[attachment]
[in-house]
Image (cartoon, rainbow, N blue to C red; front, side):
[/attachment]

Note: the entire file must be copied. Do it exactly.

[in-house]
Image (cartoon, rainbow, N blue to C red; front, side):